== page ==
Born in Bermuda and educated at Wellington College. On leaving school he joined the Coldstream Guards, went to Sandhurst and in 1955 was commissioned into the 4th Queen’s Own Hussars.

Capt AE Burland
Capt AE Burland

He joined the Regiment in Hohne, Germany where he became a Troop Leader in ‘C’ Squadron. He was a good all-around athlete and boxed for the regiment.

He wasn’t a keen horseman and in order to encourage him, he found that, together with another reluctant horseman, Douglas Scott, they had been allocated a horse, called Carter Paterson, to share and look after.

Arthur wanted to get married and, as he was under 25 years old, needed to get permission from the Commanding Officer.

When this was refused he decided to join the Army Air Corps where he learnt to fly Austers and in 1957 married Jenny Odbert.

They went on to have three children, a son and two daughters.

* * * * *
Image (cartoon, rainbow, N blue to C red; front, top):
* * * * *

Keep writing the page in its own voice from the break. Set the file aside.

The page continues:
In 1962 he rejoined the regiment in Aden when the regimental flight was formed under Brian Wright. Amongst his co-pilots were Robin Merton and Brian Kenny. He went on to serve with ‘C’ Squadron of the regiment in Malaya and Borneo.

He then returned to England to convert to flying helicopters and in November 1964 took command of the regimental flight in Wolfenbutel, Germany.

Arthur’s love of life was flying and, as he felt his career choices in the Army were limited, he decided in 1967 to leave the army and become a civilian helicopter pilot. He had some interesting jobs including flying for Hugh Fraser of Harrods, to the North Sea Oil platforms and for the Police. It was during this time he separated from Jenny and remarried. He eventually had to give up flying.

Arthur always felt life was greener on the other side of the fence and on retirement decided to move, with his wife Serina and their young daughter, to live in France. There he busied himself researching what life was like in Vichy France, trying to learn French and enjoying being the oldest father at school gatherings.

In the last year, he suffered from ill health but was always cheerful, and everyone thought he was on the road to recovery when he had a relapse and sadly died in hospital.

Related topics

  1. A short history of The 4th Hussars
  2. A short history of The Queen’s Royal Irish Hussars
  3. Aden and The Persian Gulf 1961
  4. Malaya and Borneo 1962-64